I'm now starting to compute my first flux integrals and I'd like to ask you if my procedure is correct and if everything I've done is correctly motivated.

I'm asked to compute the flux of $F=r^{-3}(x,y,z)$ where $r=\sqrt{x^2+y^2+z^2}$ across the ellipsoid centered in $O(0,0,0)$ and of semiaxis $1,2,5$.

Our surface can be described as: $$\sigma \colon(\theta, \phi) \longmapsto (\sin\theta \cos\phi, 2\sin\theta \sin\phi, 5\cos\theta)$$ and we can compute the normal vector: $$n=\frac{\partial \sigma}{\partial \theta}\land \frac{\partial\sigma}{\partial\phi}=i(10\sin^2\theta\cos\phi)+j(5\sin^2\theta\sin\phi)+k(\cos\theta\sin\theta(1+\sin^2\phi))$$ but doing so we get a difficult integral.

So I tried to verify what $divF$ is and it's easy to see that $divF=0 \quad \forall(x,y,z) \in \mathbb{R}^3$.

The question is: can I conclude now by applying the divergence theorem and say that the integral is $0$?

If yes, can you explain me better how to formally explain this thing? If not, can you explain me how to prosecute in the exercise?

Thanks in advance.


1 Answer 1


No, the vector field is not defined at the origin, so it's divergence is not defined at the origin (some might say its infinite); i.e you only have $\text{div}(F)=0$ on $\Bbb{R}^3\setminus \{0\} $. So, the divergence theorem is not applicable directly to the full ellipsoid which contains the origin. Instead, consider a small closed ball centered around the origin such that it lies entirely inside the ellipsoid.

Now, apply the divergence theorem to the region between the ellipsoid and ball to deduce that the surface integral over the ellipse is equal to surface integral over sphere (be very very careful with which way the unit outward normal vector points). This surface integral should be much easier to calculate directly. Basically the idea is to use the divergence theorem to switch surfaces.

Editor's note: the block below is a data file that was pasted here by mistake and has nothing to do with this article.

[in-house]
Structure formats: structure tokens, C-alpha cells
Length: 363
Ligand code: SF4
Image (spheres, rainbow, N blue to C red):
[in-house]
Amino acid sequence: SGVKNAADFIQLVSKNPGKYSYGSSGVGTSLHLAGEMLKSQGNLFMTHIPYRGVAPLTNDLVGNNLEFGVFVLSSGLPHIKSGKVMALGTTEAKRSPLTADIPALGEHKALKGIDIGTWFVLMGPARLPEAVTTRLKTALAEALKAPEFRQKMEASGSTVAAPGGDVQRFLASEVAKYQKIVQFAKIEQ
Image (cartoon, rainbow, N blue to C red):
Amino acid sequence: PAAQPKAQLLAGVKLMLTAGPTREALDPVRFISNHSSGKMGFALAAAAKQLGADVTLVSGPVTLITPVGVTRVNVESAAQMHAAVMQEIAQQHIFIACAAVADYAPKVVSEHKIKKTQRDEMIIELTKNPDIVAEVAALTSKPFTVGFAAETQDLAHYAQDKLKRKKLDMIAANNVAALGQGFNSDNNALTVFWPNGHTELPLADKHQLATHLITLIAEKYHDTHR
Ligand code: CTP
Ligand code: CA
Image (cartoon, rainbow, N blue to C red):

If you do everything right, you should get an answer of $4 \pi. $

  • $\begingroup$ I actually tried to do it and I think I got stuck. I chose the unitary sphere $(\theta, \phi) \mapsto (\sin\theta\cos\phi, \sin\theta\sin\phi, \cos\theta)$ so the normal vector is $(\sin^2\theta \cos\phi, \sin^2\theta\sin\phi, \cos\theta\sin\theta)$ and the integral becomes $\int \int sin \theta d\theta d\phi$, is it correct? $\endgroup$ May 13, 2020 at 8:07
  • $\begingroup$ Can you please show me how to do this exercise in a formal way? I'd like to see a formal execution of this so I can understand better and reply in other exercises. $\endgroup$ May 13, 2020 at 8:09
  • $\begingroup$ @Alberto Yes, that's the right integral. Actually even regardless of the radius of the sphere, the final integral will be the one you describe, because the radius of the sphere in the denominator of your vector field will cancel out thr radius from the area element $dA$ of the surface integral. $\endgroup$
    – peek-a-boo
    May 13, 2020 at 8:12
  • $\begingroup$ Perfect, done it and the result is $4\pi$ as wished. Thanks a lot, I'll post different questions about this so I can deepen my knowledge about it. Answer accepted. Thanks again. $\endgroup$ May 13, 2020 at 8:14
  • $\begingroup$ @Alberto yes make sure you really understand why we can change the surface integral from the ellipse to the sphere. That's the most important part of this argument (of course you should also know how to calculate these surface integrals). By the way note that for spheres, the outward normal is sinply the normalized radius vector, so you don't have to actually calculate directly from cross products of the parameterization. $\endgroup$
    – peek-a-boo
    May 13, 2020 at 8:19

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